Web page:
Elsie Hibbert shares her top 3 tips to get you over the finish line.
It can be tough to know where to start when training for a marathon. With the myriad of dierent opinions coming from friends, family, social media and everywhere in-between, it can be confusing to figure out which is the best route to take on your marathon journey! Below are some simple tips from a physio to help you prepare yourself to perform your best on the big day:
1 – Pace yourself
If this is your first time training for a marathon, it can be tempting to start building up too soon. It is vitally important to build yourself up gradually and give yourself enough rest between runs. One of the most common things we see in clinic are overuse injuries as a result of too much load too quickly. The last thing you want to do is turn up to marathon day with a bung knee! Regardless of whether you are starting from zero, or you have completed a half marathon and are looking for the next challenge, it is useful to use the 10% rule to manage your weekly mileage. By ensuring you don’t increase your total kilometres by more than 10% week-to-week, and allowing enough rest (>24hrs) between big runs, you will go a long way in prepping your body to be at it’s best come marathon day.
2 – Cross train
Not only is cross training useful to spread out your running load, it can also make you a better runner. Things like swimming and cycling can be a great lower-impact way to increase your cardiovascular fitness without overloading your body. Additionally, strength training should be part of any marathon training schedule; good strength enables your legs a higher capacity to manage the loads of running, and reduces the risk of overuse injuries down the track. For those runners who hate stepping foot in the gym, it is important to note strength training does not always have to involve gym equipment – there are some great strength exercises which can be performed in the comfort of your own home!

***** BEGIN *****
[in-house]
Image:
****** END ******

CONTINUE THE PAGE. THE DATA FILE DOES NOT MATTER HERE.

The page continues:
3- Prioritise sleep
Sleep is almost as important as training itself! For your body to adapt, and reap the benefits of your training, it must have enough time to recuperate. It is useful to have a good sleep schedule. Aiming to go to sleep and wake up at a similar time each day can allow your body to get into a rhythm. Additionally, getting enough sleep helps the body to have enough energy for exercise, therefore enabling you to perform at a higher level and get the most out of your sessions.
These are some simple principles to help guide you in your training. If you are experiencing any niggles, or simply want to know more about how to prepare yourself for the big day – book a consult with one of our physios for an individualised training plan.